Salted or unsalted butter? Once upon a time, we all used salted butter and had no control over how much salt went into our baking. Salted butter is fine in savoury dishes but I want to ask you to do this simple test. Take a slice of white bread. On one end spread unsalted butter and on the other spread salted butter. Take a bite at the unsalted end followed by the salted butter. You will be surprised by how salty the salted butter is. Salted butter can make sweet baked goods too salty.
That brings me to the quality of butter. I know there are a lot of cheap butters that seem to be the same as their more expensive cousins. However it is not the case. Cheap butter has a different structure. It is not necessarily held at the correct temperature at all times during production. I discovered this when I first tried my hand at puff pastry. The butter just didn’t behave as it should have. I’m not scientific but it had something to do with the composition.
And this composition thing is the same reason why you need to be careful when bringing the butter to room temperature. You can do this a little more quickly by grating the cold butter on a coarse grater and allow to stand until softened. BUT, if what the recipe calls for “softened butter”, it shouldn’t melt or look oily. Again, melted butter has a completely different composition. Melted butter is sometimes be used in quick mix cake recipes.
Here’s a butter conversion:
1 stick of butter = 1/2 cup = 8 tablespoons = 1/4 pound = 4 ounces=113 grams
Finally, this Easy Vanilla Cake recipe can be adapted simply by adding a little citrus zest, a shot or two of coffee or folding through a handful of fresh berries. Print out this recipe and file it with your most special recipes because it’s bound to become a favourite.
Updated 22 February 2020: This is a cake I usually make using cups and not the weight of flour. I have checked and rechecked the flour weight. I have two sets of cup measurements. One set weighed 1 cup = 125g conversely the other set weighed 1 cup = 145g. Therefore I have decided to update the recipe with the more common weight of 1 cup = 125g.
Are you in the unusual position where you need to use up leftover cake? Check out these recipes.
Easy Vanilla Cake Recipe
- measuring cups and spoons (or scales)
- grater (to grate cold butter)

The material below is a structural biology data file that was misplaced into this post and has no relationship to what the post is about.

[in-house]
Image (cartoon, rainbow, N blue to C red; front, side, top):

- 8 inch (20 cm) round cake pan
- electric mixer
- 115 grams unsalted butter (or 1 stick) (softened – see notes)
- 1 cup castor sugar (also known as superfine sugar)
- 2 eggs (room temperature)
- 2 cups plain (all purpose) flour (250 grams)
- 4 teaspoons baking powder (check the recommend amount for your brand of baking powder – see notes)
- ½ cup whole milk
- 4 teaspoons vanilla extract
- 1/4 teaspoon salt
- Preheat oven to 180°C/350°F.
- Butter and line the base of an 20 cm/8in round deep cake pan then dust with flour to ensure the cake doesn't stick.
- Sift together flour, baking powder and salt. I like to sift onto a sheet of baking paper to save washing up.
- Place all ingredients into the bowl of an electric mixer. Mix on low for 30 seconds.
- Scrap the bowl with a rubber spatula to make sure all the flour has been incorporated. Be sure to scrape the bottom – sometimes the mixer blade doesn't full incorporate the ingredients at the bottom.
- Mix again this time on medium speed for 3 minutes. The cake batter should lighten in color and be thick and creamy.
- Scrape the batter into the prepared pan, tap the pan on the kitchen bench to remove excess air bubbles and place into the oven.
- Bake for 35-45 minutes. It will be cooked when the cake no longer jiggles, is coming away from the side of the pan, springs back when pressed and a skewer inserted comes out clean.
- Cool in the pan for 5 minutes before turning out on a wire rack. Flip so that it is up the right way and allow to cool.
- A simple dusting of powdered sugar is all it needs. Can be served warm or cool. Best eaten with 3 days.
- 1/2 cup of unsalted butter is equal to a stick of butter for US readers.
- To soften butter quickly, simply grate with a coarse grater. Allow to stand until softened which won’t take long.
- Baking powder can differ in each country. Be sure to check the packaging for the correct ratio of baking powder to flour. The Australian baking powder I used states to use 2 teaspoons per 1 cup of flour. Also remember that baking powder has an expiry date. Always use fresh baking powder!
- If you have access to self raising flour you can substitute 2 cups of self raising flour for 2 cups of plain flour and 4 teaspoons baking powder.
- If you would like a less dense cake add a little more milk – instead of 1/2 cup add 2/3 cup of milk. In this case, give the cake 5 or 10 more minutes in the oven.